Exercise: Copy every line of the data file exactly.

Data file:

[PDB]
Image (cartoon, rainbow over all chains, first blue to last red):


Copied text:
[PDB]
Image (cartoon, rainbow over all chains, first blue to last red):